BUSINESS
February 19, 2013
While Angelenos are mourning the loss of their favorite basketball team's patriarch, basketball fans in the other corner of the country are scratching their heads over a comment by rapper. Welcome to your online trends for Tuesday, February 19. Jerry Buss, the man credited by many with bringing glamour back to basketball as the owner of the Los Angeles Lakers, died yesterday at the age of 80. Meanwhile, two of the world's greatest soccer -- ahem, football -- teams are scheduled to play today, bringing them one step closer to European dominance.
NEWS
February 18, 2013
President Barack Obama's call during the State of the Union address to reduce the threat of nuclear war could not have been more timely. The day before the president spoke, North Korea tested a primitive nuclear device, and the following day reports surfaced of Iranian attempts to buy technology that would greatly speed up its production of weapons-grade uranium. Mr. Obama's remarks focused on cutting the U.S. and Russian strategic arsenals in a way that maintains their deterrent function but reduces the chances of a conflict breaking out by accident or miscalculation.
NEWS
December 17, 2012
The rifle Adam Lanza used to kill 20 children and six adults at Sandy Hook Elementary School is a descendant of the military's M-16 rifle. The bullets it fires are not as large as those used in some other rifles, but the gun's high muzzle velocity makes it particularly powerful, and deadly. Mr. Lanza brought with him hundreds of bullets in 30-round magazines, which enabled him to shoot individual victims as many as 11 times. Authorities believe that, if the arrival of police on the scene had not prompted him to kill himself, Mr. Lanza would have continued his rampage.
NEWS
Dan Rodricks | July 30, 2012
Here's an assumption any post-9/11American might make: Someone in a dark room full of computers and video monitors deep inside one of our snoopy federal law enforcement agencies is tracking the purchases of large caches of weapons and ammunition by anyone at any time anywhere in the country, including Anne Arundel County. Isn't that the sort of thing we've been paying for with our federal taxes over the last decade? People who buy explosives for bombs or enough weapons to outfit a small army - they're monitored by someone deep inside the Department of Homeland Security and our vast array of federal agencies, right?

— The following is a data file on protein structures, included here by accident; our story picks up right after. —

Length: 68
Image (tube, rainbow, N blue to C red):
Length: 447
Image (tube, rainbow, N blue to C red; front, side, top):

SPORTS
By Eduardo A. Encina and The Baltimore Sun | June 18, 2012
It's no secret that the success of Orioles rookie  Wei-Yin Chen this season will depend on how the Taiwanese left-hander adjusts to opponents once they've seen him a while. But Chen looks like he's trying to beat batters to the punch. Sunday was Chen's 14th major league start, so teams have plenty of tape on the lefty. It was the first time he faced the Braves in his big league career, but with every week, teams are getting their second look at Chen. Newness lasts only so long.
NEWS
May 20, 2012
President Obama achieved a major foreign policy goal in 2010 when he concluded the New START Treaty committing the U.S. and Russia to reduce the size of their long-range nuclear arsenals by a third within six years, to 1,550 warheads on each side. But as the president made clear in remarks at the time, even those cuts didn't go far enough. The world, he said, wouldn't be safe from the threat of these terrifying weapons until they were eliminated entirely. It was to be expected that Mr. Obama's critics in Congress would dismiss such views as either wishful thinking or as dangerously naive.
NEWS
By New York Times News Service | September 26, 1993
A top Russian official says Moscow's nuclear arsenal peaked seven years ago at 45,000 warheads -- 12,000 more than generally believed, twice the number held by the United States at the time and exceeding all estimates save those of the most hawkish analysts.The official, Viktor N. Mikhailov, head of Russia's Ministry of Atomic Energy, also says the national stockpile of highly enriched uranium is more than twice as large as commonly believed. Uranium in this form is a principal component of most nuclear weapons.
NEWS
By Los Angeles Times | February 12, 1991
WASHINGTON -- Use of the largest conventional bomb in the U.S. arsenal -- the 15,000-pound "BLU-82" -- in recent allied air attacks on Iraq is part of an intensified effort to shake enemy troop morale before the expected allied ground offensive, officials said yesterday.Warplanes began dropping the massive bomb, also known as a "daisy cutter," last week and are expected to continue during the ongoing phase of softening up Iraqi troops for the anticipated allied ground assault.The weapon is detonated a few feet above the ground and flattens everything in its large blast radius.
NEWS
By Jacques Kelly, The Baltimore Sun | February 10, 2012
Francis N. Craig, a retired Edgewood Arsenal scientist, died of respiratory failure Thursday at the Broadmead Retirement Community in Cockeysville. He was 100 and had previously lived in the Loreley section of Baltimore County near White Marsh. His daughter, Dorothy Parker Craig of Seattle, Wash., said that the centenarian enjoyed two martinis a night and smoked a pipe until last year, when his retirement community prohibited it. He also took daily walks and played bridge. He drove until he was 98. Born in Englewood, N.J., he was the son of a DuPont chemist and a kindergarten teacher.
SPORTS
Sports on TV | December 18, 2011
SUNDAY'S TELEVISION HIGHLIGHTS M. bask. Bryant@Boston College CSN1 Holy Cross@Connecticut MASN1 Loyola Marymount@Florida State ESPNU3 Mount St. Mary's@Penn State BIGTEN4 Virginia@Oregon CSNP, TCN5:30 Eastern Illinois@Northwestern BIGTEN6 Villanova@Saint Joseph's (T) CBSSN8 Mount St. Mary's@Penn State (T) BIGTEN12:30 a.m. W. bask.